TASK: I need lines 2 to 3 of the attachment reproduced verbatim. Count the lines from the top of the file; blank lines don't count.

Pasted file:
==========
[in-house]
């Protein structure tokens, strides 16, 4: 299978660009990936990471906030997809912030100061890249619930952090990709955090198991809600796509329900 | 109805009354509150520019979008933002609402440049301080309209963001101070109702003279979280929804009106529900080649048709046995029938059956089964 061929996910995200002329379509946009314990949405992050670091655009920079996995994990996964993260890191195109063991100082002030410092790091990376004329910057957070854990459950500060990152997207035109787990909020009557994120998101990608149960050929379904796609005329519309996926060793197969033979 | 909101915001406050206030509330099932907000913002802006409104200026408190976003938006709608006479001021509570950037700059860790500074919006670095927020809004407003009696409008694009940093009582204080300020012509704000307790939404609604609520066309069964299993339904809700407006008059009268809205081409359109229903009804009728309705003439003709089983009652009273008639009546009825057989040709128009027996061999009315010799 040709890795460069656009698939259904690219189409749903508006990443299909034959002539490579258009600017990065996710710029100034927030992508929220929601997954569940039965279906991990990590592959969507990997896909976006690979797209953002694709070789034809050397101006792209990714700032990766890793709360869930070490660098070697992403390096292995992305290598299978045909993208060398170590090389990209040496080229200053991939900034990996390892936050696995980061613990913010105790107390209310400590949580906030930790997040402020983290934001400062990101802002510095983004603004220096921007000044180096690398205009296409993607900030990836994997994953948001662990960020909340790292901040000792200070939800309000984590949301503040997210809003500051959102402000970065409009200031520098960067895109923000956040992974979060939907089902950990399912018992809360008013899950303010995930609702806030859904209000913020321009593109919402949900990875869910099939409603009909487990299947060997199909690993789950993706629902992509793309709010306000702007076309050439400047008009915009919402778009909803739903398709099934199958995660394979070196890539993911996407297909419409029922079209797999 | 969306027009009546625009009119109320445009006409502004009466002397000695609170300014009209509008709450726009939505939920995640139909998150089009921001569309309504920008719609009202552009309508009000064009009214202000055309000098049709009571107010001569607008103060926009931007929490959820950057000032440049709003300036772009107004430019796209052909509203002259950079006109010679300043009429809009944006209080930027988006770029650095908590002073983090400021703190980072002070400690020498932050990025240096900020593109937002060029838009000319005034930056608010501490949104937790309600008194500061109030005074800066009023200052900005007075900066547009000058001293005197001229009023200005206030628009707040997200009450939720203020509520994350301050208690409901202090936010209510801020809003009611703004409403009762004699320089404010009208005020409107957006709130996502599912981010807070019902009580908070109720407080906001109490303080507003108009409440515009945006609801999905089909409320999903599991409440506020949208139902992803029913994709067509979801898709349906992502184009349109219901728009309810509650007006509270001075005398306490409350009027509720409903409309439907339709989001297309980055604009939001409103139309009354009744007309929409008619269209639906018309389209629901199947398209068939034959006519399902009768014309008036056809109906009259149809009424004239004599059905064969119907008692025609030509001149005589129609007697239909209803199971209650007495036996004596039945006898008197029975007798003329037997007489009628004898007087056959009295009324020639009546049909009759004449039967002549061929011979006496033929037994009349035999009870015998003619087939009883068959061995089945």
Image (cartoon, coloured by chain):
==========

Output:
């Protein structure tokens, strides 16, 4: 299978660009990936990471906030997809912030100061890249619930952090990709955090198991809600796509329900 | 109805009354509150520019979008933002609402440049301080309209963001101070109702003279979280929804009106529900080649048709046995029938059956089964 061929996910995200002329379509946009314990949405992050670091655009920079996995994990996964993260890191195109063991100082002030410092790091990376004329910057957070854990459950500060990152997207035109787990909020009557994120998101990608149960050929379904796609005329519309996926060793197969033979 | 909101915001406050206030509330099932907000913002802006409104200026408190976003938006709608006479001021509570950037700059860790500074919006670095927020809004407003009696409008694009940093009582204080300020012509704000307790939404609604609520066309069964299993339904809700407006008059009268809205081409359109229903009804009728309705003439003709089983009652009273008639009546009825057989040709128009027996061999009315010799 040709890795460069656009698939259904690219189409749903508006990443299909034959002539490579258009600017990065996710710029100034927030992508929220929601997954569940039965279906991990990590592959969507990997896909976006690979797209953002694709070789034809050397101006792209990714700032990766890793709360869930070490660098070697992403390096292995992305290598299978045909993208060398170590090389990209040496080229200053991939900034990996390892936050696995980061613990913010105790107390209310400590949580906030930790997040402020983290934001400062990101802002510095983004603004220096921007000044180096690398205009296409993607900030990836994997994953948001662990960020909340790292901040000792200070939800309000984590949301503040997210809003500051959102402000970065409009200031520098960067895109923000956040992974979060939907089902950990399912018992809360008013899950303010995930609702806030859904209000913020321009593109919402949900990875869910099939409603009909487990299947060997199909690993789950993706629902992509793309709010306000702007076309050439400047008009915009919402778009909803739903398709099934199958995660394979070196890539993911996407297909419409029922079209797999 | 969306027009009546625009009119109320445009006409502004009466002397000695609170300014009209509008709450726009939505939920995640139909998150089009921001569309309504920008719609009202552009309508009000064009009214202000055309000098049709009571107010001569607008103060926009931007929490959820950057000032440049709003300036772009107004430019796209052909509203002259950079006109010679300043009429809009944006209080930027988006770029650095908590002073983090400021703190980072002070400690020498932050990025240096900020593109937002060029838009000319005034930056608010501490949104937790309600008194500061109030005074800066009023200052900005007075900066547009000058001293005197001229009023200005206030628009707040997200009450939720203020509520994350301050208690409901202090936010209510801020809003009611703004409403009762004699320089404010009208005020409107957006709130996502599912981010807070019902009580908070109720407080906001109490303080507003108009409440515009945006609801999905089909409320999903599991409440506020949208139902992803029913994709067509979801898709349906992502184009349109219901728009309810509650007006509270001075005398306490409350009027509720409903409309439907339709989001297309980055604009939001409103139309009354009744007309929409008619269209639906018309389209629901199947398209068939034959006519399902009768014309008036056809109906009259149809009424004239004599059905064969119907008692025609030509001149005589129609007697239909209803199971209650007495036996004596039945006898008197029975007798003329037997007489009628004898007087056959009295009324020639009546049909009759004449039967002549061929011979006496033929037994009349035999009870015998003619087939009883068959061995089945």
Image (cartoon, coloured by chain):